Social science research to advance regional coordination and collaboration of sea level rise adaptation and planning on Humboldt Bay

Start/End: March, 2020 to January, 2022

Humboldt Bay, in Northern California, is experiencing the fastest relative rate of sea-level rise in the Western United States. Rising tides, groundwater, and shoreline erosion will pose threats to numerous industries and businesses, lands of cultural and tribal importance, critical infrastructure, and sensitive coastal habitats. Thousands of people and billions of dollars worth of infrastructure, development, and property are predicted to be impacted possibly as early as 2030. 

The Humboldt Bay shoreline is governed by numerous state and local agencies with different jurisdictions and missions. As sea-levels rise, waters will cross these political boundaries, making planning especially challenging. In order to devise feasible adaptation solutions, it will be necessary for property owners, government agencies, and community groups to coordinate their efforts. However, there is no clear pathway for doing so.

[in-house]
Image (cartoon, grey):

This project can contribute to understanding the social and political context of sea-level rise adaptation planning. Researchers will analyze available documentation related to sea-level rise in the Humboldt Bay and improve accessibility to said documentation for interested stakeholders. Researchers will collect social data through surveys and interviews of stakeholders about their perceptions of sea-level rise planning efforts, and challenges and opportunities for coordination. Results will be brought back to stakeholders through presentations and workshops. 

Results from this research can be used to help improve coordinated efforts for addressing sea-level rise at regional and national levels. Such social science research can help improve the processes of integrating stakeholder engagement with management needs of scientists and governing agencies, and inform more integrated approaches in other regions seeking climate solutions.

Co-principal Investigators